The question of Jerusalem is likely to be left for last in the negotiations with the Palestinians as the Israeli side has become convinced in recent weeks that it is too sensitive and complex an issue, with potentially negative ramifications for the entire negotiating process.
From the point of view of Prime Minister Ehud Olmert, the question of Jerusalem is particularly difficult. Moreover, there are concerns that talks on Jerusalem have the potential to break up the coalition, since the ultra-Orthodox Shas has established it as cause for leaving the government.
A senior political source in Jerusalem stressed yesterday that the prime minister has still not formulated an idea for resolving the question of Jerusalem.
"It is obvious to him how a solution to the question of the borders and the refugees would look like, and that it would more or less be in line with proposals that have been raised in the past," the source noted.
"On the other hand, on the question of Jerusalem, he has many doubts and he is not inclined to adopt any of the solutions or ideas that have been raised in previous negotiations."
The question of Jerusalem was raised during talks held by Foreign Ministry Director General Aaron Abramovich in Paris a week ago. Abramovich met with Jean-David Levitte, adviser to President Nicolas Sarkozy on foreign affairs, and with other senior French Foreign Ministry officials, briefing them on the progress in the negotiations.
Haaretz has learned that the Abramovich told the French officials that it is highly likely that that the negotiations on Jerusalem will have to be postponed because of the domestic political crisis that they might trigger.
Abramovich last night denied having raised domestic political concerns in the matter of Jerusalem during his talks in Paris.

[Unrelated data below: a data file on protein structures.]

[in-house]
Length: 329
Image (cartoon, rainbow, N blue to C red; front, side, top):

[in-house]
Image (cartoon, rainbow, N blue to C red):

It also appears that U.S. President George W. Bush supports postponing talks on Jerusalem until the end of the negotiations. During his visit to Israel and the Palestinian Authority two weeks ago, Bush released a statement in which he describes how he views progress in the negotiations. According to the U.S. leader, Jerusalem is "a difficult matter," politically and religiously for both sides, and describes a solution to the issue as the most complicated challenge of the process.
The political challenges on the issue of Jerusalem focus on Shas, even though sources in Olmert's office say that "the matter for Shas is not the discussion on Jerusalem but its final outcome."
However, Shas' Council of Torah Sages met yesterday to discuss the party's red lines on negotiations with the Palestinians and decided that "the minute they begin talking on Jerusalem, Shas will immediately leave the government."
Shas leader Eli Yishai briefed the council on his latest talks with the prime minister on the negotiations with the Palestinians, and said that he had been promised "there would be no freeze to construction in Jerusalem, Ma'aleh Adumim and Beitar [Ilit]."
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